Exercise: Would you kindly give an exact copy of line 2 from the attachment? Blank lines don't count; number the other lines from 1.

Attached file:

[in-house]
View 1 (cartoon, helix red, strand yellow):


View 1 (cartoon, helix red, strand yellow):